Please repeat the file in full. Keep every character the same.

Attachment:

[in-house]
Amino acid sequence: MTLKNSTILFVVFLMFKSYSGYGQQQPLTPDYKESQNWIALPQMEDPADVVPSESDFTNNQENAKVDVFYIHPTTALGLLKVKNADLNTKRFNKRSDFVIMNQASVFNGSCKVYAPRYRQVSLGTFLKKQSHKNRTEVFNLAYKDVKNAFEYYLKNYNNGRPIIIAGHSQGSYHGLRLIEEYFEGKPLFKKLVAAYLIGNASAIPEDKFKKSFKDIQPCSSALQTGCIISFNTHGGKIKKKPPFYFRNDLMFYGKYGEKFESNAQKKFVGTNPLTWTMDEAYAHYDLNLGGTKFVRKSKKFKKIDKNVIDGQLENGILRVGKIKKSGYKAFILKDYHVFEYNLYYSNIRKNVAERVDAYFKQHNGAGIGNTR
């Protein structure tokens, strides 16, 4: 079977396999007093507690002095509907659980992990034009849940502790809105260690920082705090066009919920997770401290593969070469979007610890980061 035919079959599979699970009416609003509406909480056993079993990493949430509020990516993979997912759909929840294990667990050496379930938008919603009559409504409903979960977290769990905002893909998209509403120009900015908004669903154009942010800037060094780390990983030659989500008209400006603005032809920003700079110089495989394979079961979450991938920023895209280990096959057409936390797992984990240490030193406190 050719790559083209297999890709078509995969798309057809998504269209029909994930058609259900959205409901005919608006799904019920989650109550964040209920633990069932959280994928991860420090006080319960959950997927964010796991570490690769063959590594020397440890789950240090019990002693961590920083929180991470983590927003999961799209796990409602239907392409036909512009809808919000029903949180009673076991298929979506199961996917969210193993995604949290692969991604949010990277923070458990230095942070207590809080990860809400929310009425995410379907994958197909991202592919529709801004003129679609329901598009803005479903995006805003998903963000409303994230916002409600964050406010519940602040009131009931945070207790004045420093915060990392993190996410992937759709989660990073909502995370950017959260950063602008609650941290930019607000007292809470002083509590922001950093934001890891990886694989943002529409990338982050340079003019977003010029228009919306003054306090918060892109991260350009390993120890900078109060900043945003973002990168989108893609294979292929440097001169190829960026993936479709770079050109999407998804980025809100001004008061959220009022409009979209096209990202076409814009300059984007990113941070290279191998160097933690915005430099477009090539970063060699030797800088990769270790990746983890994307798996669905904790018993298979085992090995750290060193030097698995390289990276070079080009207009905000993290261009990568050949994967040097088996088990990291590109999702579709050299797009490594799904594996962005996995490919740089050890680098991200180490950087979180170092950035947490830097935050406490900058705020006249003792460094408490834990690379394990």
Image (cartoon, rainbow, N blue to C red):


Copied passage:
[in-house]
Amino acid sequence: MTLKNSTILFVVFLMFKSYSGYGQQQPLTPDYKESQNWIALPQMEDPADVVPSESDFTNNQENAKVDVFYIHPTTALGLLKVKNADLNTKRFNKRSDFVIMNQASVFNGSCKVYAPRYRQVSLGTFLKKQSHKNRTEVFNLAYKDVKNAFEYYLKNYNNGRPIIIAGHSQGSYHGLRLIEEYFEGKPLFKKLVAAYLIGNASAIPEDKFKKSFKDIQPCSSALQTGCIISFNTHGGKIKKKPPFYFRNDLMFYGKYGEKFESNAQKKFVGTNPLTWTMDEAYAHYDLNLGGTKFVRKSKKFKKIDKNVIDGQLENGILRVGKIKKSGYKAFILKDYHVFEYNLYYSNIRKNVAERVDAYFKQHNGAGIGNTR
């Protein structure tokens, strides 16, 4: 079977396999007093507690002095509907659980992990034009849940502790809105260690920082705090066009919920997770401290593969070469979007610890980061 035919079959599979699970009416609003509406909480056993079993990493949430509020990516993979997912759909929840294990667990050496379930938008919603009559409504409903979960977290769990905002893909998209509403120009900015908004669903154009942010800037060094780390990983030659989500008209400006603005032809920003700079110089495989394979079961979450991938920023895209280990096959057409936390797992984990240490030193406190 050719790559083209297999890709078509995969798309057809998504269209029909994930058609259900959205409901005919608006799904019920989650109550964040209920633990069932959280994928991860420090006080319960959950997927964010796991570490690769063959590594020397440890789950240090019990002693961590920083929180991470983590927003999961799209796990409602239907392409036909512009809808919000029903949180009673076991298929979506199961996917969210193993995604949290692969991604949010990277923070458990230095942070207590809080990860809400929310009425995410379907994958197909991202592919529709801004003129679609329901598009803005479903995006805003998903963000409303994230916002409600964050406010519940602040009131009931945070207790004045420093915060990392993190996410992937759709989660990073909502995370950017959260950063602008609650941290930019607000007292809470002083509590922001950093934001890891990886694989943002529409990338982050340079003019977003010029228009919306003054306090918060892109991260350009390993120890900078109060900043945003973002990168989108893609294979292929440097001169190829960026993936479709770079050109999407998804980025809100001004008061959220009022409009979209096209990202076409814009300059984007990113941070290279191998160097933690915005430099477009090539970063060699030797800088990769270790990746983890994307798996669905904790018993298979085992090995750290060193030097698995390289990276070079080009207009905000993290261009990568050949994967040097088996088990990291590109999702579709050299797009490594799904594996962005996995490919740089050890680098991200180490950087979180170092950035947490830097935050406490900058705020006249003792460094408490834990690379394990």
Image (cartoon, rainbow, N blue to C red):